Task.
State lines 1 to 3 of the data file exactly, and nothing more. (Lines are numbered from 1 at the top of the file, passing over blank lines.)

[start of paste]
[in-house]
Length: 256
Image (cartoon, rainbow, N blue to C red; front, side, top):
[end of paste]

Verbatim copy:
[in-house]
Length: 256
Image (cartoon, rainbow, N blue to C red; front, side, top):